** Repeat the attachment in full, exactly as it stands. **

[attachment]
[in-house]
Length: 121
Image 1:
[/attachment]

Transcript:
[in-house]
Length: 121
Image 1: